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Russia Urged To Drop Charges Against Crimean Journalist


Mykola Semena was initially detained in April over an article expressing the view that Crimea should be returned to Ukraine, and then released but ordered not to leave the peninsula.

Human rights advocates and European lawmakers are calling on Russia to drop criminal charges against Mykola Semena, an RFE/RL contributor who is accused of separatism in a case supporters say is aimed at silencing criticism of Moscow's seizure of Crimea from Ukraine.

Semena was given a final version of the charges in December and was served on January 20 with the closing indictment in his case, a detailed document that includes descriptions of evidence, the names of prosecution witnesses, and other information.

The development means that Semena, who is being prosecuted over an article expressing the view that Crimea should be returned to Ukraine, could be tried soon.

Semena was detained in April and then released but ordered not to leave the peninsula. He could be sentenced to five years in prison if convicted.

The Paris-based group Reporters Without Borders (RSF) urged Russian authorities on January 26 to drop the "absurd" charges against Semena, saying he “simply expressed his opinion on the annexation of Crimea."

"In no way should he be prosecuted for that," Johann Bihr, the head of RSF’s Eastern Europe and Central Asia desk, told RFE/RL. He said that Semena’s case was "more proof of the suppression of freedom of expression in Crimea since the Russian annexation."

"Nearly all independent media on the peninsula have been suppressed," Bihr said. "All the media which kept a pro-Ukrainian editorial line were shut down or forced to leave the peninsula and move to Kyiv."

In a resolution adopted on January 24, the Parliamentary Assembly of the Council of Europe (PACE) called on Russia to drop its charges against Semena and two other journalists it said were being prosecuted "for their reports about the illegal occupation and annexation of the Crimean Peninsula by the Russian Federation."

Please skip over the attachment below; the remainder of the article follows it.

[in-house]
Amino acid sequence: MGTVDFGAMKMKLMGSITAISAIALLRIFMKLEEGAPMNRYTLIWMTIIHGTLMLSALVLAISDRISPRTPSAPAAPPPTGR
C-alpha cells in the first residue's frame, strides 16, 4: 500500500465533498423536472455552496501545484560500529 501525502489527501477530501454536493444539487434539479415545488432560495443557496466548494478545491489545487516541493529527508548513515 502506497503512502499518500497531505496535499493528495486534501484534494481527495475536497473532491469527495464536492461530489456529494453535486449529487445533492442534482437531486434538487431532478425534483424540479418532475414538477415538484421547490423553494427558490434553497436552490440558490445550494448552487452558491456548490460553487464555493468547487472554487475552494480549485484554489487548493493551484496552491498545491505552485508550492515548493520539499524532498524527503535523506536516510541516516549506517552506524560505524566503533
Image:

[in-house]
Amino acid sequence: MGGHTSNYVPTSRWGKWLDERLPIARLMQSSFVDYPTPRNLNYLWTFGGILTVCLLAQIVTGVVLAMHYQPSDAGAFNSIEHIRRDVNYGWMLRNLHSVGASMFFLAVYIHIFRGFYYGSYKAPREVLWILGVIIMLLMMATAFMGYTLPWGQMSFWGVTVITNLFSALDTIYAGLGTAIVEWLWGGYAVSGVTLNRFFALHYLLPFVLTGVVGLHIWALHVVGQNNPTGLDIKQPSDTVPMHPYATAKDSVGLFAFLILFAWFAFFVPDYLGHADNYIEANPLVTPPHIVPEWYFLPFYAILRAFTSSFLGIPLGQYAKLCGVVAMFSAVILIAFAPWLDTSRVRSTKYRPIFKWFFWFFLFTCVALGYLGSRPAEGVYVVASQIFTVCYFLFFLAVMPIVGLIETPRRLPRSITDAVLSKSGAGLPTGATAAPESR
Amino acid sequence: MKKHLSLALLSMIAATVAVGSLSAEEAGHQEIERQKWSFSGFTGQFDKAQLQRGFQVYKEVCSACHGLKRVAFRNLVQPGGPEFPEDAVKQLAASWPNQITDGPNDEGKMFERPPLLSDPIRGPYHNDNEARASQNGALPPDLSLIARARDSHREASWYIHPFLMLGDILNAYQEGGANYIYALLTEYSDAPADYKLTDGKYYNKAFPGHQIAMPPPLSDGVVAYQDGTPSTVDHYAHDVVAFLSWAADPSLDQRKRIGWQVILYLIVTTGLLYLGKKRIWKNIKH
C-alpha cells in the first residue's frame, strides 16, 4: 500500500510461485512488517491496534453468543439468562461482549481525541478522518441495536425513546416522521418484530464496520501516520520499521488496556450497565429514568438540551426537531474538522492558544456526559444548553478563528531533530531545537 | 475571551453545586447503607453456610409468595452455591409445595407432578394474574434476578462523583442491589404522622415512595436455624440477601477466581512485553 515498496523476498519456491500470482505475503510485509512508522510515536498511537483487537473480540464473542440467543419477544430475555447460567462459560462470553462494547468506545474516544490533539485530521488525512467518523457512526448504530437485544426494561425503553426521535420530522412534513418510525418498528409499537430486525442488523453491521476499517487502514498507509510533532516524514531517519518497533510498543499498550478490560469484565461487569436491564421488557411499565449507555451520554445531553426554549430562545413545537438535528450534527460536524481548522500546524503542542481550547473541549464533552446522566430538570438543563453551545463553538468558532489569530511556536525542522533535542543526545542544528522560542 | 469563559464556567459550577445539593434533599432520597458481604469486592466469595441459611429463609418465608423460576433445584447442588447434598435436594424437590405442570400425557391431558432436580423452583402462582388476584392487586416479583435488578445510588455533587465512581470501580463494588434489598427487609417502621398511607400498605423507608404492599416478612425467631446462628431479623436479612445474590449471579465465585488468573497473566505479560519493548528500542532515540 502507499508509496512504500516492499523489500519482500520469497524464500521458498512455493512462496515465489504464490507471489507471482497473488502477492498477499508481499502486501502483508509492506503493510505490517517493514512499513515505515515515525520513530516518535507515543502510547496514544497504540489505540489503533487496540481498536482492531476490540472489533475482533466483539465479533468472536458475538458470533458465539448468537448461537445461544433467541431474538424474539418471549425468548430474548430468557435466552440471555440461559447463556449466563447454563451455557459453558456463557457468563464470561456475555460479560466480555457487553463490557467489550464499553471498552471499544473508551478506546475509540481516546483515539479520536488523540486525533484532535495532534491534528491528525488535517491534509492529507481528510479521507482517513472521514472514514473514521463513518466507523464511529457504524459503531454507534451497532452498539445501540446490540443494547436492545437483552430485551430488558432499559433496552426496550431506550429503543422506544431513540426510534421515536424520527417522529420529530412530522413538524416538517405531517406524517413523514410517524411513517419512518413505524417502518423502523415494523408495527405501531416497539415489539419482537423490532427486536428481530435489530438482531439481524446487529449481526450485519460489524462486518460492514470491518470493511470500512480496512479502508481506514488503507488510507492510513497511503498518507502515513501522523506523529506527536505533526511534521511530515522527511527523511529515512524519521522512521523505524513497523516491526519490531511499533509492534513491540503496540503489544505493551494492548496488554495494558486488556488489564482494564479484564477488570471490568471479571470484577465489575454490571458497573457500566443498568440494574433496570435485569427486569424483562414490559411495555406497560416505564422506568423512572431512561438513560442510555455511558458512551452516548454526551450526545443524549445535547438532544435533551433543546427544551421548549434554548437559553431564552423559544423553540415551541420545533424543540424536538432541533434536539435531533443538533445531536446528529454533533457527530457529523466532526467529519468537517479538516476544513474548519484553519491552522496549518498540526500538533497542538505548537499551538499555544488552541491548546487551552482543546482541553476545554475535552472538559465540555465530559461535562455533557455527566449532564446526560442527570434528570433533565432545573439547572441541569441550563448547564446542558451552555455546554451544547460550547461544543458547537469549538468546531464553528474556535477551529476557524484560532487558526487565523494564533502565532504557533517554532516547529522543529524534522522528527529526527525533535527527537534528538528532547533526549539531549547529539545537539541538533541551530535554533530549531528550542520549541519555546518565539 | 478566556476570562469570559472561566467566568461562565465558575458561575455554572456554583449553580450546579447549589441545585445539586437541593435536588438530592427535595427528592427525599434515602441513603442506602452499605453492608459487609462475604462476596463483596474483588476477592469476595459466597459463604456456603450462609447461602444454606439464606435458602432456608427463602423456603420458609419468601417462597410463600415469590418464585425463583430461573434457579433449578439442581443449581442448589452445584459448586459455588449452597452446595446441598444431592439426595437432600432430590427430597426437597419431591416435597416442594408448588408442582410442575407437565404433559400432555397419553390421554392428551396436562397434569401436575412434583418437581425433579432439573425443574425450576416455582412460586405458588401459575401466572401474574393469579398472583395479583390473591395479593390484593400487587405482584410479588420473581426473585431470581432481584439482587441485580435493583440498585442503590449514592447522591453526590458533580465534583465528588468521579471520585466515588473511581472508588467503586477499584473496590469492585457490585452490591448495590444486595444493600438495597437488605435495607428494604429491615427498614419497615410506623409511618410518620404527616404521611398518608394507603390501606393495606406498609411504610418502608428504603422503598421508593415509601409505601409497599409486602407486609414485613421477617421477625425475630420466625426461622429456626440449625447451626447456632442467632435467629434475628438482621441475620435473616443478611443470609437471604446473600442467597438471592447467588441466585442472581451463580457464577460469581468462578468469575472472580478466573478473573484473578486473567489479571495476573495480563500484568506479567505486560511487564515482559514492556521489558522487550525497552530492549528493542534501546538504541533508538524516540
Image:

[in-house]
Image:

Also on January 24, the Organization for Security and Cooperation in Europe's (OSCE) media-freedom representative, Dunja Mijatovic, expressed concern about what her office called the "persecution" of Semena, a contributor to RFE/RL's Crimea Realities website.

"The case of Semena reminds us all of the arbitrary practice of silencing critical voices in Crimea," Mijatovic said. "It is totally unacceptable to persecute the journalist for expressing his views. I call for all charges against Semena to be dropped."

On January 25, RFE/RL President Thomas Kent said that the charges against Semena were "part of a concerted effort by Russian and Russian-backed authorities to obstruct RFE/RL's journalistic mission to provide an independent press to residents of Crimea."

Russia seized control of Crimea from Ukraine in March 2014, after sending in troops to secure key facilities and staging a referendum dismissed as illegitimate by Ukraine, the United States, and a total of 100 countries in the UN General Assembly.

Human rights advocates say Russian and the authorities it imposed in Crimea have conducted a persistent campaign of oppression targeting opponents of the annexation, including many members of the Crimean Tatar minority, as well as independent media outlets and journalists.

A lawyer for Semena, Emil Kuberdinov -- who is a Crimean Tatar -- was detained and questioned in the regional capital, Simferopol, on January 26 on suspicion of "distributing extremist material," according to a colleague, Edem Semedlyayev.

He said that police searched Kuberdinov's office and confiscated his computer.

The detention came as the Russian-imposed authorities said security forces were searching for alleged members of Hizb ut-Tahrir, an Islamic group that is banned in Russia, in a "special operation" in the nearby town of Bakhchisaray.

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